char szMethod[7];
char CATID[16];
long lStan;
...
}

the weird part is that EVERY char array after lStan is missing 3
characters.

if i do a QUICKWATCH in VC++, i get the value of lStan as "1128415488".
converting this to a byte array , yields the bytes {0,65,66,67} - which
is the first 3 values of the field after lStan.(the field after lStan
has 'ABCDEF')


It sounds like it's CATID that's causing the problem then. How are you
transmitting that?

Jon

Mar 7 '06 #4

P: n/a
hello again Jon,

well i observed that the difference between the VC++ only
implementation and the C# - VC++ implementation is that
the padding bytes are inserted BEFORE the last 'long' value of the
structure.

is that what you mean to say ?

thanks again

Mar 7 '06 #5

P: n/a
http://msdn.microsoft.com/library/de..._Alignment.asp

found the above link and i think it is related with my problem ..

however does there occur a byte padding BEFORE every long / numeric
value in a struct ?

TIA

Ro*********@gmail.com wrote:
hello again Jon,

well i observed that the difference between the VC++ only
implementation and the C# - VC++ implementation is that
the padding bytes are inserted BEFORE the last 'long' value of the
structure.

is that what you mean to say ?

thanks again


Mar 7 '06 #6

P: n/a
<Ro*********@gmail.com> wrote:
hello again Jon,

well i observed that the difference between the VC++ only
implementation and the C# - VC++ implementation is that
the padding bytes are inserted BEFORE the last 'long' value of the
structure.

is that what you mean to say ?


I'm not entirely sure what you mean. If you're feeding data to the
socket yourself, there shouldn't be any padding involved at the .NET
end. If the VC++ end is doing padding, that *could* be the problem.
This is one of the downsides of just reading data into unmanaged
structs - it's not terribly clear what's expected.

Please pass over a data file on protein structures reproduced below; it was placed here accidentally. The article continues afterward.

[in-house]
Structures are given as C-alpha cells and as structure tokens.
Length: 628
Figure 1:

--
Jon Skeet - <sk***@pobox.com>
http://www.pobox.com/~skeet Blog: http://www.msmvps.com/jon.skeet
If replying to the group, please do not mail me too
Mar 7 '06 #7

P: n/a
good evening Jon,

well the only reason im padding the data at the .NET end is to handle
the EXTRACTION of the data at the VC++ end.

are there any padding guidelines that you are aware of ?

i figure i'll have to check every field type and then pad the previous
fields accordingly.
thanks again

Mar 8 '06 #8

P: n/a
<Ro*********@gmail.com> wrote:
good evening Jon,

well the only reason im padding the data at the .NET end is to handle
the EXTRACTION of the data at the VC++ end.
Yes - but my point is that if the VC++ end explicitly read the data a
field at a time, the data format would be a lot clearer.
are there any padding guidelines that you are aware of ?
I'm afraid not - there will be some around, I'm sure, but I don't know
them.
i figure i'll have to check every field type and then pad the previous
fields accordingly.


Yup.

--
Jon Skeet - <sk***@pobox.com>
http://www.pobox.com/~skeet Blog: http://www.msmvps.com/jon.skeet
If replying to the group, please do not mail me too
Mar 8 '06 #9

P: n/a
hello again Jon,

well the VC++ code DOES read the data coming out of the socket into the
structure (from my first message).

it just doesnt read it in the properly aligned order (ie ... it reads
the long value offset by 3 bytes)

snippet --- >